By Stephen Young
By Stephen Young
By Stephen Young
By Jim Schutze
By Rachel Watts
By Lauren Drewes Daniels
Congresswoman Johnson told me she didn't remember Price being present. Pettis Norman and his group were upset with Allen for having complained about them to Johnson. She did remember in general terms suggesting to Allen that an apology might help move things forward.
In fact Allen wound up signing a bizarre document in which he basically apologized for being a victim. "By this writing," the document states, "we apologize for the unfortunate use of the term, 'shakedown,' and the manner in which our comments have affected Mr. Pettis Norman, Mr. Willis Johnson and Mr. Jon Edmonds in the Dallas area."
But—and this is a key point—Allen still refused to hire SALT as his consultant.
Whatever calming of the waters Congresswoman Johnson had hoped to achieve with the meeting, the waters did not go flat. Price began opposing TAG on a series of key issues—a bridge, a special trade zone, water and zoning, and other issues. Price appeared at functions where city officials were touting the plan and tried to disrupt the proceedings by shouting "Equity, equity," from the wings.
Congresswoman Johnson was blunt with me about her view of Price's role. "If people want equity," she said, "they have to come up with some money. Most of the time folks don't care what color you are if you come up with money."
At one point Johnson says Price came to her in the company of State Senator Royce West, who represents District 23 in southern Dallas and the county. "Royce called and said it was very, very important that he talk with me," she said.
West confirmed to me that he had discussed the SALT group proposal with Johnson. He said he was not a member of SALT.
Johnson said she agreed to meet with West and Price. "They said to me, 'We're the toughest three people in this county.' That was John talking."
She said Price told her, "'If we stick together, we can get a lot of things done. These people [TAG] are not going to come in here and there not be some blacks making money. They really need to leave some money in this community.'"
I invited both West and Price to comment on Johnson's description of the meeting, but did not hear back from them.
Johnson said after TAG declined to hire SALT as its consultant, she witnessed a clear pattern of trouble visited upon TAG by Price. "What has happened since that time is that every time I hear something about it, it's John doing something."
She believes she knows why. "John was holding out until he could arrange for somebody to get some money."
The Dallas Morning News editorial page has pooh-poohed Richard Allen's concerns over the so-called master plan, painting him as seeing "enemies behind every tree" and asking what can be wrong with a study.
Johnson says she knows exactly what was wrong with the study: "This study that [Price] came up with sounded like a wonderful idea. But when I read about it, I said to my transportation assistant, 'Uh-oh. I know exactly what's taking place here.'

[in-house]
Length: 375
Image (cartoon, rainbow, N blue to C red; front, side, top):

"He said, 'It sounds like a good idea.' I said, 'It is a good idea, but coming from John, I'm suspicious of it. I know he never stops until he gets his way.' As it turned out, that's the way it was."
She said she was pleased when the Dallas County Commissioners Court voted against supporting the master plan effort and against Price at its October 21 meeting, declining to take part in the study: "It was a great idea, but I knew there was something in the crank there if John was leading it."
One thing Richard Allen was willing to say to me on the record: He said he does not believe that any of the behavior he has encountered in this long, sordid saga crosses the line into illegality.
He's probably right. Uncomfortable? Yes. An atmosphere that invites investment in the city? No. But illegal?
I had a long chat with Dallas criminal attorney Tom Mills in which we pretended not to be talking about John Wiley Price or the inland port but only about a theoretical case. I wanted to know what the sequence of events amounts to legally—the visit from the consultants, the turn-down, the campaign of trouble from the public official.
"It sounds like that may come as close as it can come," he said. "But it may not be illegal."
People can propose anything they want, Mills pointed out. The person being propositioned can say no. An elected official may deem a project good or bad for his jurisdiction.
Johnson gave me her own bottom line. "Every time there's an opportunity to do some kind of development in the southern sector, people get discouraged because of all the mess they have to go through with two or three people, and they say they moved on."
She said she has viewed The Allen Group's project as singular and historic in the promise it brings southern Dallas. "What else could we put out there that would be more important?...Because nothing has happened out there the whole years I've been here. I'm ready to do whatever it takes to get it going."